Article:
Lessons from James "The Amazing" Randi

If you've never heard of James Randi, he is a former professional stage magician and a well-known skeptic of pseudoscience and the paranormal.

He set up the James Randi Educational Foundation (JREF) in 1996 and put forth the One Million Dollar Paranormal Challenge. This substantial sum of money will be paid to any person who can demonstrate supernatural or paranormal activity while under scientific scrutiny and within a controlled environment. The conditions of testing and the environment will be agreed upon before the demonstration.

Since the first version of this challenge (with a smaller amount of money) in 1964, nobody has every successfully won the challenge. When James Randi retired in 2015, the challenge was officially terminated, with the money freed up for use in grants instead.

Throughout his career, James Randi applied a rational mind to the claims of the supernatural or paranormal. Despite this, he is careful to say that he does not insist that such powers do not exist at all, merely that he doesn't believe in them.

One of the reasons that he is so passionate about debunking so-called psychics and mystics is that he finds their profiteering from desperate, emotionally distraught people to be highly unsettling and, especially in cases where people are hurt or die from their trust in these people, akin to committing a crime.

I agree.

There is a difference between performing tricks or illusions for entertainment (stage magicians, street performers) and pretending to give information or hope when there is none to be had (so-called mediums, psychics). 

Sure, the seeker may be comforted in that moment but when the truth emerges or they get hurt from the information, what then?

So this is what I got from listening and watching James Randi. In order to minimise the possibility of getting conned / cheated,

1) Ask someone more experienced

If you are a scientist, you may not know how a magic trick works. If someone comes up to you and performs one that you cannot explain through your own methods of scientific observation or testing, it doesn't mean that the trick involved paranormal powers.

Ask an experienced stage magician - one who is far more likely to have experienced the trick before - and get him/her to explain how it works.

2) Stay informed of cons and scams

We often think that those who get conned or scammed are somehow stupid or ignorant. That is a dangerous mindset to have. Because you think that you are clever enough to avoid being cheated, you have a false sense of confidence and security and you become less wary and observant of 'obvious' clues because you don't think that you will become a statistic too.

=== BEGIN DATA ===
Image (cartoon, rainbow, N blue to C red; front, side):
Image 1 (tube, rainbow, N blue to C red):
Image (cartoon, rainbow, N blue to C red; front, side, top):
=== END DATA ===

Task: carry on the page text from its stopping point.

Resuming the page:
Instead, stay informed. Learn how these cons and scams are performed and keep a watchful eye out.

3) Be more careful when out and about

People don't approach other people for fun. More often than not, they want something. It could be as benign as wanting to give you some information (e.g. 'your zip is down') to something that may cause harm to you (e.g. 'your money or your life!').

Con artists are usually charismatic and relatable. If they aren't, it's difficult to win your confidence (hence the word 'con'). Don't believe everything you hear or see. If you're not sure, politely decline their advance and move on. The longer you stay, the harder it gets to gets away.

Of course, I am not saying that you should ignore every person who wants to engage you. Just be more careful about whom you allow to talk to you and move on once you start feeling some discomfort. Your instincts may not always be right, but they sometimes are.

Image from Wikipedia

Image from Wikipedia

Starting Work on Gemology Curriculum

After months of procrastination, I finally took the first steps toward creating curriculum on gemmology. One of the trends I've noticed in Singapore is how niche jewellery and gemstone shopping is.

The Precious Four are, of course, well known, as are commonly encountered gems like amethyst, topaz, rose quartz, and opal.

Other than these, most people aren't familiar with the different varieties of gems.

With the future of the industry in mind, I thought of bringing gemmology to the younger crowd, including school-going students. Based on some feedback earlier in the year, students in school have some interest in learning about these colourful rocks.

Well, here's to a brighter, more sparkly future for Singapore's gemstone industry!

Lessons From My Book Cover

My book cover is almost ready. There are just a few little tweaks to make and it will be finalised. 

I wonder how much anguish the design team had to go through to accommodate my very particular requests. Despite this, they have done a fantastic job.

I've learned a few things through this:

1) Specific instructions give much better results

I noticed that when my instructions were even slightly vague, the draft cover did not turn out the way I imagined. With more specific, sometimes seemingly ridiculously so, instructions, the drafts get much closer to what I imagined.

2) Effective communication is two-way

We hear this all the time but this experience really cemented it for me. Things became easier once we were able to hear each other think and receive feedback at the same time. This was often done through Skype calls and communication was much clearer when there is feedback, even if it is just a repeat of what you just said.

3) Attitude counts

The design team was ever polite and encouraging even when I wanted to do major overhauls or went MIA for periods of time. For this, I am deeply impressed. Their positive attitude makes me want to work with them for the long-term and, I think, in any industry, this is the way it should be.